Taco Bell launched delivery service Wednesday at more than 200 restaurants in Los Angeles; Orange County, Calif.; the San Francisco Bay Area; and Dallas in partnership with DoorDash.
The restaurants are the first wave to offer the service, but the quick-service operator aims to offer delivery nationwide, potentially in every city where Taco Bell and DoorDash operate.
Taco Bell has about 6,000 units in the U.S., and DoorDash offers its service in 250 cities, including 15 major metropolitan areas. The delivery provider expects to double its current footprint to more than 500 cities by the end of the year.
Irvine, Calif.-based Taco Bell has been testing the partnership with DoorDash in the delivery firm’s home base of Palo Alto, Calif., as well as at a few units in Dallas; Orange County, Calif.; and San Jose, Calif.
Taco Bell executives, including Tressie Lieberman, vice president of innovation and on demand, spent a day as “dashers,” delivering food to customers, so they could understand how the high-tech world of delivery works.
“They are truly data-driven; they’re customer service first,” Lieberman said of DoorDash. “The customer service experience is so important to us, and we wanted to make sure we exceed those expectations.”
Taco Bell customers who want their meal delivered will be able to order through the DoorDash website or via its smartphone app.
DoorDash charges a flat fee of $3.99 for delivery, plus optional tips, and unlike Postmates, a competing delivery service, there is no additional service charge. DoorDash does not have a minimum order requirement. Taco Bell prices, however, vary by market.
DoorDash typically negotiates a commission with the restaurant chain, and sometimes menu prices posted on DoorDash’s sites are marked up slightly, though both DoorDash head of business development Prahar Shah and Taco Bell declined to comment on the specifics of the partnership.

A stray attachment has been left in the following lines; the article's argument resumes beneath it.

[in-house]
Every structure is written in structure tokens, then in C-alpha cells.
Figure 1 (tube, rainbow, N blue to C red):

Customers will not be able to order food for delivery through Taco Bell’s app just yet. Lieberman said the company is exploring how to integrate delivery into the mobile app. Delivery service will likely evolve as things progress, she said.
Taco Bell will listen to users on social media, using the hashtag #tacobelldelivery, to gain insight into where delivery should be offered next.
On Wednesday, Taco Bell plans to reach out to fans via Periscope, SnapChat and Twitter, and more targeted marketing will focus on regions where customers can access delivery.
“We’re moving at the speed of a very fast-moving, on-demand economy,” Lieberman said. “Ultimately we’re just at the beginning of our journey.”
For Taco Bell, offering delivery is a natural next step after launching a mobile app last year, which allows users to order and pay ahead.
Taco Bell CEO Brian Niccol said earlier this year that delivery was the No. 1 request from customers, as a growing number of restaurant chains attempt to become more accessible, “on demand” brands.
“We were one of the first to redefine convenience at QSR with our mobile app, and knowing that delivery is the No. 1 request from our consumers, we see a tremendous opportunity to bring the Taco Bell experience to fans where and when they want it most,” Niccol said in a statement. “Taco Bell has always been about value and convenience, and we believe delivery is the next step in catering to today’s on-demand culture that’s driving consumer behavior.”
The partnership with Taco Bell is a big win for DoorDash, one of a growing number of technology-driven delivery players that are providing the app-to-door “last mile” service in the style of Uber, using a team of independent contractors as couriers.
DoorDash prioritizes customer experience
Taco Bell is DoorDash’s first national partner, but more restaurant chains are expected to sign on with the growing tech company in the coming months.
Postmates, which uses a similar model, has captured a number of high-profile restaurant chains, including Chipotle Mexican Grill, some McDonald’s markets and Starbucks.
Two-year-old DoorDash is eager to catch up. The company has earned $60 million in funding from venture capital firm Kleiner Perkins, Sequoia Capital and other investors, including Khosla Ventures, Charles River Ventures, Pejman Mar Ventures and Ted Zagat of Zagat Survey.
DoorDash touts its sophisticated algorithms that match a driver with a restaurant to ensure speedy delivery. In tests, Taco Bell said the average delivery time was about 38 minutes.
“Our technology is what enables us to build the fastest, easiest, most affordable way for customers to receive on-demand deliveries,” DoorDash CEO Tony Xu said. “Our algorithms do the hard work that we think only technology can solve. That’s why we always say we’re a technology company starting in food versus a food company that happens to be in technology.”
Shah said the delivery provider has focused on quality over quantity.
“We here at DoorDash care about going deep with our partners. It’s not about launching vastly and making a splash, it’s about offering the best customer experience,” he said.